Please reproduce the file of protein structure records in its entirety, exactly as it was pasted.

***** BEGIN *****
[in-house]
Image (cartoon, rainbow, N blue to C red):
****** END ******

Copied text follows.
[in-house]
Image (cartoon, rainbow, N blue to C red):